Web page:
• Many young WRs would be frustrated by the Texans' questionable quarterback play in recent seasons. But no matter for DeAndre Hopkins, who has become one of the NFL's top receivers.
By Greg A. Bedard
September 08, 2016

When DeAndre Hopkins faced off against Seahawks cornerback Richard Sherman as a rookie in 2013, the encounter was forgettable in many ways.

Andre Johnson was still the primary receiver for the Texans, so Sherman lined up across from Hopkins only a handful of times. Hopkins caught just two passes for 27 yards, and neither came against the corner, who was in the midst of three straight All-Pro seasons.

But Sherman saw enough that afternoon—the stutter-and-go route that left him stumbling and burned; the precise out cut that forced Sherman to grab Hopkins's shoulder pads to stay close; another stutter-and-go, after which Sherman had to put both arms out to slow Hopkins down—that he pulled the 21-year-old aside after Seattle's overtime win.

"He was open more times than he got the ball, I would definitely say that," Sherman says, the matchup still fresh in his mind. "You could just feel him as you're playing the game: his intensity, his aggression, his athleticism, his explosiveness. I was like, Dang, he's right on the verge of being one of the best in this league—if they target him enough, give him his shots, he's going to be a monster. I told him that after the game. I remember telling him, 'Just keep pressing and keep working, and you'll get everything you deserve.'"

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Now Hopkins, the No. 27 pick out of Clemson, is ready to fulfill Sherman's prophecy. He announced his presence in 2015 with 111 receptions for 1,521 yards (both third in the league) and 11 touchdowns (tied for seventh), and he was named second-team All-Pro. If Hopkins catches 104 passes this season, he'll have the most receptions by any player in his first four seasons.

Compared with some of his contemporaries, Hopkins has succeeded despite having—to be kind—journeymen at quarterback: Matt Schaub, Case Keenum, Ryan Fitzpatrick, Ryan Mallett, Tom Savage, Brian Hoyer, T.J. Yates and Brandon Weeden. With Nate Washington and Cecil Shorts as his running mates last season, Hopkins became the only receiver in NFL history to have 100-yard games with four different quarterbacks. In fact, he might be the only quarterback-proof wideout in the game.

"A lot of guys, I don't want to say names, their starting quarterback isn't in there, and they fall off," says Hopkins. "To me, a true receiver wants to get the job done no matter who's in there. I think I'm the best receiver in the league. That's the mentality I will always have, because I know what I'm capable of. Say I'm not. Honestly. I'm the only guy to have 100 yards with four different quarterbacks. I don't know if that will happen again."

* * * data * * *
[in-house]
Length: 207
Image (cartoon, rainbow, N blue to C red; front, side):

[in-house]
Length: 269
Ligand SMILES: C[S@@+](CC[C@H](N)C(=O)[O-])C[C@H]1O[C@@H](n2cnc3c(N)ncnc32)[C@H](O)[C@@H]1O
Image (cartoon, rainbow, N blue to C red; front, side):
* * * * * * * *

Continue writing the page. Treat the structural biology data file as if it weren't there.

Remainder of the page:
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Despite the fantasy-football-fueled rules changes to help passing games, this is not an easy time to be a dominant receiver. The field is flooded with more defensive backs than ever, and even the top defensive minds, such as Bill Belichick and Dick LeBeau, have largely surrendered their favored zones for man-to-man coverage on the outside. Quarterbacks and receivers are more accurate (teams completed 63.0% of their passes last season, setting a record for the third year in a row) because they are throwing more in the college ranks. If your philosophy on D is to sit back and wait for the quarterback to make a mistake, you're in for a long season.

Beating man coverage is a little easier if you're on the preferred quadrant of the size-speed chart—think Dez Bryant, A.J. Green, Calvin Johnson, Julio Jones and Brandon Marshall—or if you're a jitterbug like Odell Beckham Jr., Antonio Brown and Julian Edelman. A 6' 1", 207-pounder who ran 4.57 in the 40, Hopkins doesn't have those sorts of gifts, but he may be the toughest to blanket one-on-one. He took Darrelle Revis, still known as the league's best cover corner, to the cleaners last season: four catches for 98 yards, including a 61-yard touchdown, and he was open but overthrown twice more. At Jets training camp last month, when Brandon Marshall reminded Revis of his poor performance against Hopkins, Revis slapped Marshall, and teammates had to break up the ensuing scuffle.

"He does have good size, and he has excellent playing strength," says Texans coach Bill O'Brien of Hopkins. "On top of all that, his catch radius is ridiculous. He's got great hands. He can make a one-handed catch, he can make the jump ball, pick it off the top of another guys' head. Even if you're double-teaming him, unless the second guy really is tight to him, he's still going to have a chance to make a play because his body control is exceptional."

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Hopkins does have unusually long arms (33 3/8") and 10-inch hands, and he has extra space between the metacarpals in his palm and the proximal bones at the base of his fingers. You could say he was put on Earth to catch footballs.

There's one other way in which Hopkins excels, and it will enable him to continue his rise. "Man, he's a dawg, he's a competitor, and he's been that way ever since I played him," says Sherman. "You can't measure a man's dawg by his size, speed, his measurables. It takes the ability to overcome adversity, it takes the ability to get knocked down, taste your own blood, get back up and keep fighting. He has all that. He has the things you can't coach, the things you can't teach. If you give him a great quarterback, a consistent quarterback, I think the sky is the limit."

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